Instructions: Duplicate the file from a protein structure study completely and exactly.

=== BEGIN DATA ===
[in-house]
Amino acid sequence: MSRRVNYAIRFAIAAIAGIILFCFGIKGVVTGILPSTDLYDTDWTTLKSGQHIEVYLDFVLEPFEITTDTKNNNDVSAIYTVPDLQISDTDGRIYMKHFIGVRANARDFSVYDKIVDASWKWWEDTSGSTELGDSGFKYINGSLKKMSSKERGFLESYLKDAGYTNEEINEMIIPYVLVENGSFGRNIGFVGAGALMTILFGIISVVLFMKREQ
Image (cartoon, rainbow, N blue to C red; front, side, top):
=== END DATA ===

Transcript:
[in-house]
Amino acid sequence: MSRRVNYAIRFAIAAIAGIILFCFGIKGVVTGILPSTDLYDTDWTTLKSGQHIEVYLDFVLEPFEITTDTKNNNDVSAIYTVPDLQISDTDGRIYMKHFIGVRANARDFSVYDKIVDASWKWWEDTSGSTELGDSGFKYINGSLKKMSSKERGFLESYLKDAGYTNEEINEMIIPYVLVENGSFGRNIGFVGAGALMTILFGIISVVLFMKREQ
Image (cartoon, rainbow, N blue to C red; front, side, top):